The primary reason the scrolling graphs take more CPU to render on Wayland is that we have to use an image surface and texture upload every few frames.
cairo-gl is not the ideal way to draw in a future system (gtk4 basically gets rid of cairo for anything but slow fallbacks), but it could potentially help make gtk3 code avoid a number of texture uploads on Wayland.
Hard to get motivated to work on code that would just make legacy stuff better, although probably a worthwhile effort.
GVariant is a fantastic serialization format. In particular, the back-pointers in dynamic array types mean things you wouldn't expect to be O(1) are in fact O(1). Combine that with GListModel to inflate objects means super lazy inflation and single memory allocation until used.
Unfortunately, GtkSourceCompletion predates some of these nice APIs. So Builder will ship a new completion engine in 3.30 that is GListModel-based to allow lazy object inflation all the way from sub-process to display.
I forgot to blog about it, so here is a short post on the work I did last month to move clang out of process in Builder. It's the most efficient IPC I've seen so far for a multiprocess IDE.
We can still do more to make APIs friendly to lazy obj inflation.
I much prefer to start projects than finish them and I figured that was just how everyone was. Because finishing is like ... hard work.
Anyway, I've learned that some people don't prefer to start stuff and would rather work on something existing.
Perhaps I should "start your project as a service".
Writing sources for Sysprof is not terribly difficult, and since 3.28 you can use libsysprof-capture-2.a static archive to record stats in your programs. We could use some help writing fun visualizers though, and then perhaps Sysprof could be the-tool-of-choice for this.
The capture format is binary and optimized to avoid copies while still buffering on the way to disk, reducing syscalls. It's been working remarkably well. We can add new capture frames for interesting stuff if people desire it.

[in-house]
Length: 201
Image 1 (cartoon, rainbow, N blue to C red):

Starting to merge different data sources together into a single capture stream.
Thanks to Matthias Clasen and I teaming up this evening, we have an FPS counter from Gtk injected into the Sysprof data stream.
Gtk 3 now has a fix from @matthias_clasen to fix the auto-scrolling when you paste and multiple views are open. Should make things a lot nicer for Vim-emulation users who were very likely to hit this.
Some frame timing information from the gtk4 paint clock. Obviously the goal here is to get all these external systems together and that will happen soon.
First ever Sysprof recording that includes drm vblank timing.
I've been working on a new data capture type for Sysprof this week. Others have been working on integration points for GPU drivers, compositor (and plumbing) and Gtk. I need to finish up the visualizers but once the data comes together, it should be very useful.
In Cambridge. Super happy to be back. Last time I was here for a GNOME event it snowed.
Slowly porting all of Builder's completion providers to the new lazy engine I've built.
To do things really well we are going to need to extend the xdg_popup extension on Wayland. But it sounds like that will happen in short order and we can implement the protocol on gtk3 too.
Want to get paid USD 8000 over three months starting on Dec 1st? #gnome is running an internships program for privacy and security: https://www.gnome.org/news/2018/05/announcing-the-gnome-internship-program/
Chances a solicitor at the front door is going to get the "nice me" when interrupting my work day: zero.
Just landed the branch to move clang operations into a subprocess and IPC w/ GVariant over pipes. I've disabled completion due to some n² performance issues in gsv, but we'll address that with the new completion engine landing in the next week or two.
Who runs for office with a goatee? It's like they think we can't tell they're the evil timeline.
Staying a few extra days in Cambridge to explore after the GNOME hackfest next month.
Wont lie, I feel like my code will be more valuable by being written closer to Cambridge.
Should be fine glued to a maple headstock. Sands up quick nice too.
Headed to Linuxfest Northwest this weekend, or I'd be doing some quick tests with the router too.